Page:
French DJ-turned-filmmaker Quentin Dupieux (aka Mr. Ozio) has made a cinematic career out of films that are hard to classify, usually skewing between genres with a decidedly absurdist bent. Perhaps best known in the states for Rubber, his strange tale of a telekinetic serial-murdering tire, Dupieux brings his distinct brand of oddball comedy to the realm of police procedural with the fabulously titled Keep an Eye Out (a delightful pun related to the events of the film).
Set inside the confines of a 1970s-tinged police station (aside from flashbacks and a fittingly bizarre opening credits scene), Keep an Eye Out unfolds over the course of a gratingly long stop-and-start interrogation headed up by Chief Inspector Buron (Man Bites Dog’s Benoit Poelvoorde), a self-serious, bombastic investigator who can’t even make his own dinner plans without help from his interrogation subject. This particular night, that poor subject is Fugain (Grégoire Ludig playing the straight man impeccably), a tired and hungry fellow who happened upon a corpse outside his apartment and made the mistake of reporting it to the police. Now he’s the prime suspect, forced to recount the mundane minutiae of his night — seven trips in and out his apartment, to be exact — in order to prove his innocence.
Until the moment the corpse comes into play, his story is painfully banal, a fact Inspector Buron comments on regularly, grading the beats of his story along the way. “It’s just a totally boring chain of events,” he gripes, straining to maintain interest. And he’s not wrong. Though the performances and Dupieux’s knack for absurdist detail keep the material interesting, there’s a sometimes frustrating element of tedium to the proceedings. Fugain and the inspector argue over colloquial expressions — men don’t freeze their tits off, they freeze their nuts off — and no matter how many times Buron complains about his frustrations, it doesn’t alleviate the audience of theirs.
Fortunately for the audience, though not for Fugain, things take a turn from boring to worse when he’s left in the room with the utterly incompetent Phillippe (Marc Fraize), who plays a scene-stealing, one-eyed blundering fool before accidentally killing himself in the cheekiest way possible. Now, Fugain is set to be pinned for two deaths, and he hastily shoves the body in the closet in the hopes of covering it up. The death not only livens up the proceedings, but offers Dupieux an avenue into stranger territory when the flashbacks of Fugain’s memories suddenly become temporally crossed with the events at the police station. Phillipe’s dead body pops up on the TV in his apartment, Phillipe’s wife (Anaïs Demoustier) interrupts his story to ask questions, etc, and things only get weirder from there.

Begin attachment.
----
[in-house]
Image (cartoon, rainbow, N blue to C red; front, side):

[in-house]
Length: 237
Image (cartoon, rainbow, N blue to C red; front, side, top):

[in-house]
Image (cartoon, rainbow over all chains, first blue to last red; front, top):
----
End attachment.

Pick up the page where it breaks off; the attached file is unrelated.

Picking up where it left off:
Though the incessant bickering and dry narrative can be tiresome at times (even with the film’s scant 73-minute runtime), Dupieux keeps things lively by firing off absurdist gags in every way possible. The dialogue is sharp and witty, including a running gag about the infectiousness of the word “actually,” there’s a laugh-out-loud sight gag about a smoking man with a hole in his chest, and a number of fantastic physical gags including the dangers of a geometry set square and an incorrectly eaten oyster. By the time the film’s end rolls around, Dupieux fully unleashes his zany absurdism and turns the tables on the audience entirely, creating a certifiably insane ending that’s not much of an ending at all, actually.
But it will do just fine, and if you’ve got a taste of Dupieux’s particular brand of structured madness, Keep an Eye Out will likely have you howling in your seat between the film’s more measured moments.